by HGN2001
 
Recently I spotted this slide selling on eBay and bought it. It shows St. Louis car #13 at the intersection of South Cedar Lane and West Chester Pike, just a block away from my old house on North Cedar Lane. The slide was dated March of 1965, and by the lack of any vegetation on the trees, it was surely taken around that time. I would have been a ninth grader in Beverly Hills Junior High, about to make the transition to Upper Darby High School later that fall. So it's entirely possible that I crossed West Chester Pike on the way to school that day.
13CedarSm.jpg
Harry
  by philipmartin
 
Wash me. Good looking PCC (I guess it is.) Nothing wrong with it that a little soap and water wouldn't fix. That and one tail light on the front of the car off and the other on. Anyhow, as a rail fan, I love it.
Car 20 isn't much better, with its two-tone door. From Philadelphia Trolley Tracks, which says that Septa has gotten rid of its historic cars. Good old Septa; shat's wrong with those people?
  by glennk419
 
philipmartin wrote:Wash me. Good looking PCC (I guess it is.) Nothing wrong with it that a little soap and water wouldn't fix. That and one tail light on the front of the car off and the other on. Anyhow, as a rail fan, I love it.
Car 20 isn't much better, with its two-tone door. From Philadelphia Trolley Tracks, which says that Septa has gotten rid of its historic cars. Good old Septa; shat's wrong with those people?
The orange door was obviously taken off of one of the SEPTA "Gulf Oil" pained cars from that era.
  by walt
 
philipmartin wrote:Wash me. Good looking PCC (I guess it is.) Nothing wrong with it that a little soap and water wouldn't fix. That and one tail light on the front of the car off and the other on. Anyhow, as a rail fan, I love it.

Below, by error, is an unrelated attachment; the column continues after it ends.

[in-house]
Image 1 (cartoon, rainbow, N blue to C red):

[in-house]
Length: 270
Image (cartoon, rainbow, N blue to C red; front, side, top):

Car 20 isn't much better, with its two-tone door. From Philadelphia Trolley Tracks, which says that Septa has gotten rid of its historic cars. Good old Septa; shat's wrong with those people?
The Red Arrow cars were ( are) not true PCC Cars. They are actually interurban cars built using the double ended PCC body but with Commonwealth Trucks ( Rather than the Clark B-2 trucks which were standard on PCC Cars), a non- PCC control system, and 75 HP ( rather than 55 HP) motors. Thus they were much faster than the standard ( true) PCC cars.
  by glennk419
 
walt wrote:
philipmartin wrote:Wash me. Good looking PCC (I guess it is.) Nothing wrong with it that a little soap and water wouldn't fix. That and one tail light on the front of the car off and the other on. Anyhow, as a rail fan, I love it.
Car 20 isn't much better, with its two-tone door. From Philadelphia Trolley Tracks, which says that Septa has gotten rid of its historic cars. Good old Septa; shat's wrong with those people?
The Red Arrow cars were ( are) not true PCC Cars. They are actually interurban cars built using the double ended PCC body but with Commonwealth Trucks ( Rather than the Clark B-2 trucks which were standard on PCC Cars), a non- PCC control system, and 75 HP ( rather than 55 HP) motors. Thus they were much faster than the standard ( true) PCC cars.
Until you mentioned it, I never noticed the difference in the trucks but they are clearly visible in the picture above. Thanks.